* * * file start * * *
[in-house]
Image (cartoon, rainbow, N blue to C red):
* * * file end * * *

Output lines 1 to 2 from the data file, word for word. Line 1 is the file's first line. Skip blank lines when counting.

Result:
[in-house]
Image (cartoon, rainbow, N blue to C red):